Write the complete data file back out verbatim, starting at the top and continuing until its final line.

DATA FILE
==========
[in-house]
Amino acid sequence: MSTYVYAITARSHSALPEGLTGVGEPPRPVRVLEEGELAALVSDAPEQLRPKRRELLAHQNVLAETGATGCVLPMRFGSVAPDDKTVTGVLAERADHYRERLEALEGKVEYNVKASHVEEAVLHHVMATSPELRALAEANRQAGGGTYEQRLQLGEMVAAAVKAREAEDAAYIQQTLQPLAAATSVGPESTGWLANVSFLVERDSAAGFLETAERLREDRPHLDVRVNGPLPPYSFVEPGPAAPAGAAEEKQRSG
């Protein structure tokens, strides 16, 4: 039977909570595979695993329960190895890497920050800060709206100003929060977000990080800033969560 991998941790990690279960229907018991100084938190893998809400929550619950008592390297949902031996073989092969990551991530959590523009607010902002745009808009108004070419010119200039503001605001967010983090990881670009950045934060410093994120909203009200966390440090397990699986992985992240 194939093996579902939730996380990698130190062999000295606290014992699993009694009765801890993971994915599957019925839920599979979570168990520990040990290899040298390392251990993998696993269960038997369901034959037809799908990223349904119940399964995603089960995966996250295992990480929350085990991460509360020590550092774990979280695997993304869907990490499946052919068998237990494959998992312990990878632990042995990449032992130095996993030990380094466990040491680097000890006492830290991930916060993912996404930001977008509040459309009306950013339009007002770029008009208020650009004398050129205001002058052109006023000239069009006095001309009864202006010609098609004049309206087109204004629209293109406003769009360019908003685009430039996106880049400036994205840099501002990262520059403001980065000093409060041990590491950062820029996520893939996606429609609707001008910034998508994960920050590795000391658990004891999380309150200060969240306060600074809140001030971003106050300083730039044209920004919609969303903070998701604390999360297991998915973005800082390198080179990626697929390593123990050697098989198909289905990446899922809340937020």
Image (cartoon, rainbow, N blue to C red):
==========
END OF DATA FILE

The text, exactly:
[in-house]
Amino acid sequence: MSTYVYAITARSHSALPEGLTGVGEPPRPVRVLEEGELAALVSDAPEQLRPKRRELLAHQNVLAETGATGCVLPMRFGSVAPDDKTVTGVLAERADHYRERLEALEGKVEYNVKASHVEEAVLHHVMATSPELRALAEANRQAGGGTYEQRLQLGEMVAAAVKAREAEDAAYIQQTLQPLAAATSVGPESTGWLANVSFLVERDSAAGFLETAERLREDRPHLDVRVNGPLPPYSFVEPGPAAPAGAAEEKQRSG
């Protein structure tokens, strides 16, 4: 039977909570595979695993329960190895890497920050800060709206100003929060977000990080800033969560 991998941790990690279960229907018991100084938190893998809400929550619950008592390297949902031996073989092969990551991530959590523009607010902002745009808009108004070419010119200039503001605001967010983090990881670009950045934060410093994120909203009200966390440090397990699986992985992240 194939093996579902939730996380990698130190062999000295606290014992699993009694009765801890993971994915599957019925839920599979979570168990520990040990290899040298390392251990993998696993269960038997369901034959037809799908990223349904119940399964995603089960995966996250295992990480929350085990991460509360020590550092774990979280695997993304869907990490499946052919068998237990494959998992312990990878632990042995990449032992130095996993030990380094466990040491680097000890006492830290991930916060993912996404930001977008509040459309009306950013339009007002770029008009208020650009004398050129205001002058052109006023000239069009006095001309009864202006010609098609004049309206087109204004629209293109406003769009360019908003685009430039996106880049400036994205840099501002990262520059403001980065000093409060041990590491950062820029996520893939996606429609609707001008910034998508994960920050590795000391658990004891999380309150200060969240306060600074809140001030971003106050300083730039044209920004919609969303903070998701604390999360297991998915973005800082390198080179990626697929390593123990050697098989198909289905990446899922809340937020």
Image (cartoon, rainbow, N blue to C red):